By Bianca Dias-Halpert, Washington, USA
An article appeared in the magazine NOW! Bali August 2010 about a Dutch lady who has lived in Indonesia her entire life. They were kind enough to let me share their findings with you readers.
On the outside she looks Dutch but on the inside she is Indonesian. Milly is one of the few survivors of the Dutch colonial era living in Indonesia.
Her real name is Emily Langlois van den Bergh. Her nickname is “Milly”. She was born on 28 August 1923 in Batavia. Her father, Frans Langlois van der Bergh is a full-blooded Dutchman born in East Java in the village of Kertosari. Her mother, Emma Johanna van Geelen, passed on Indonesian genes to Milly. Emma’s father is of mixed Dutch-Sumatranese born in Padang in 1851. Emma’s mother is a full-blooded Dutch woman, Emma Van Vrijberge van der Does. The name Langlois van den Bergh was actually acquired for socioeconomic reasons. The original parternal name was Langlois de la Montagne, as her father’s grandfather was a Frenchman. In the 1930’s her [ Sumatran ] grandfather aspired to be promoted in the banking business but was required to be a Dutch citizen. Hence, he changed the family name to Langlois van den Bergh.
It appears that family surnames changed all the time in that era to fit the prevailing socioeconomic and political conditions. Whoever was in power and controlled the purse strings influenced the family name.
Milly’s lineage goes back to the VOC (Dutch East India Company) era and is proposed to have one-eighth Sumatra Malay blood within her. The article states her “forefathers were many generations of Dutch living in Indonesia” so it may be safe to say she is at least 10th generation. This gives one a sense of Milly’s place in the world.
At the age of 16 her family went to Holland for a year and stayed at her grandfather’s house. She cried every single day and said she did not like it there and asked to go back home to the Indies. Her brother was handicapped and her mother chose to stay with him in Holland to care for him. Milly returned to join her father in Jakarta – her mother never returned to the Indies. Later, her mother frequently traveled back and forth between Holland and Jakarta. In 1990 her mother died at the age of 109 years.
Milly graduated from high school in 1942. The independence movement of Indonesia was starting to pick up momentum. During the Japanese Occupation she worked for a while at the radio station BRV (Bataviasche Radio Vereniging). She had to stop because a warning went out through the Nederland-Indische Radio that all working at the station would be picked up and put into internment camps. Through the difficult times she made a living smuggling all kinds of goods and products; nails, cement, textiles, soaps, perfumes. She and some friends went around on bicycles selling wares in utmost secrecy.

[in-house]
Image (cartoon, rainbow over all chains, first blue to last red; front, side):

After the war and independence in 1947, she landed jobs at several Dutch companies still in existence. What type of work she did was unclear. Her work took her traveling extensively throughout the archipelago and she had a wide network of friends and associates.
In 1957 Milly the tall Dutch woman married the love of her life Karel Gouw, a short stocky Chinese man of Dutch citizenship. They clicked with each other right away. Karel was known for his sense of humor and huge smile. In 1958 they decided to become Indonesian citizens. They changed their surname to Gandanegara (two countries). Here’s that name changing again. Often Chinese had to change their names to an Indonesian name for survival. Karel worked for Coca Cola and they traveled often to India, home of Coca Cola headquarters.
In 1963 she opened an art shop called the Banowati Art Shop in Jakarta which was beside their house on Jalan Semarang 18. She received President Soekarno’s blessing to open this shop and it’s hailed as one of the first of its kind. Milly developed an interest in arts and crafts. The Gandanegaras couple were hosts to many guests from all over and became so popular that they entered the hotel business. Karel decided to rent the failing Hotel Narmada in Sanur (Bali) with ten bungalows. Milly managed the hotel herself. In the early 1960’s Sanur became a popular resort for tourists and hotels were starting to develop along the beaches. After 10 years she made an important move and obtained the license of the hotel in her own name. After a decade she then acquired Baruna Hotel at the Sindhu Road. Later she expanded Baruna Hotel to another side of Sanur at the Segara Ayu Road. It is the Hotel Baruna that still exists today with six bungalows available to rent.
Milly outlived her husband and had traveled extensively over the years. On her travels she explored new handicraft and art for her shops. Now in her eighties, she lives on the Hotel Baruna premises surrounded by beautiful plants and all kinds of birds. No longer able to walk due to a bad fall, she still oversees the daily operation of the Baruna Hotel which is managed by the daughter of her long time cook. She enjoys visits from relatives in Holland and friends from all over the world.
What a remarkable story of this Last Nyonya.
The term “Nyonya” is said to be a colonial era expression which means a foreign woman who lives as a local native Indonesian. Terminology changes with time and the winds of change. If you have another interpretation of the term Nyonya, please share by leaving a reply comment below. Do you know of a “Nyonya” too ?